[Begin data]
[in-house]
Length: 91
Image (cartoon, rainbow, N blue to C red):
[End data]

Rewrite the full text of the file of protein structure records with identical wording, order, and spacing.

[in-house]
Length: 91
Image (cartoon, rainbow, N blue to C red):